A388 From Netherlands Antilles, joined May 2001, 9402 posts, RR: 11 Reply 1, posted (11 years 4 months 1 week 1 day 2 hours ago) and read 2134 times:
I don't see your point Lehron, an airline's livery doesn't have to do anything with being seen on a radar. The transponder on an aircraft sends out a signal to the radar so its position can be determined. The colors of the airline livery does not have any influence on this. Pilots use the systems on board such as TCAS/ACAS or ATC instructions to determine an aircraft's position and what (immediate) actions should be taken in case of a possible conflict in the air.
Wilcharl From United States of America, joined Jun 2000, 1158 posts, RR: 3 Reply 7, posted (11 years 4 months 1 week 23 hours ago) and read 2006 times:
i can see we have some non pilots in here... as a pilot i want all aircraft painted international orange... more so in GA when you are opperating under visual flight rules, but even with heavy iron, visual identifcaition is still important... is it a huge issue? no... are other airlines as hard to see? yes... are there airlines easier to see ? yes...
Ctrl_alt_del From Ireland, joined Feb 2001, 71 posts, RR: 0 Reply 13, posted (11 years 4 months 1 week 19 hours ago) and read 1897 times:
The blue liveries of the Preussag group, i.e. Brtiannia, Hapag Lloyd should also be banned. I seem also to remember that in th 80's Air UK had an awful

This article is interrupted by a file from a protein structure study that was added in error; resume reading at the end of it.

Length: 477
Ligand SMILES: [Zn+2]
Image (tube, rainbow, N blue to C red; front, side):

blue colour scheme which was changed due to problems concerning visibility?
Lehpron From United States of America, joined Jul 2001, 7028 posts, RR: 22 Reply 17, posted (11 years 4 months 1 week 9 hours ago) and read 1694 times:
"You don't rely on visual sights when your in clouds. You can't see anything, doesn't matter what color."
Then why have windows in the cockpit at all? We are in the 21st century, dump'em. I am sure there are drag penalties for having to design them in the first place. Seriously, not that I was not before, I figure that the visual perception that the plane is not there because of it's color should be looked into especially when it comes out of nowhere all of a sudden! But wait, isn't the ATC in the stone age? Pilots must depend on each other, and color matters!
The meaning of life is curiosity; we were put on this planet to explore opportunities.
Flynavy From , joined Dec 1969, posts, RR: Reply 18, posted (11 years 4 months 1 week 6 hours ago) and read 1639 times:
The color of aircraft would have been an issue early last century. If any pilot RELYS on visuals, then he shouldn't be in that seat. Pilots must depend on each other to trust what their instruments and electronics tell them. The recent crash involving the TU154/757 show the importance of this. It's time we trust our technology.
Justplanesmart From United States of America, joined Mar 2001, 707 posts, RR: 2 Reply 20, posted (11 years 4 months 1 week 1 hour ago) and read 1573 times:
My understanding is that Northwest Airlines first began painting the tails on their aircraft red when they began flying to Alaska for the purpose of increased visibility should an aircraft go down in the frozen wastes.
Fly_yhm From Canada, joined Dec 2000, 1661 posts, RR: 10 Reply 22, posted (11 years 4 months 1 week ago) and read 1545 times:
Maybe that why Air Canada's Zip is going to have such bright colors with the exeption on the blue whats also funny it that Korean and KLM I like because of the blue
Perhaps you all know why I like these to shots
Flynavy From , joined Dec 1969, posts, RR: Reply 23, posted (11 years 4 months 1 week ago) and read 1543 times:
This is absurd! Airlines don't paint aircraft orange or red so they can see the wreckage of their downed aircraft. The purpose of an airline's livery is to ADVERTISE and/or develop a CORPORATE IMAGE easily recognizable and appealing to the customer's eye!